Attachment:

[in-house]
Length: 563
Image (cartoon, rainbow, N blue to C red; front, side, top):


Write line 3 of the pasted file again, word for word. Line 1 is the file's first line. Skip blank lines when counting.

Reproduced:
Image (cartoon, rainbow, N blue to C red; front, side, top):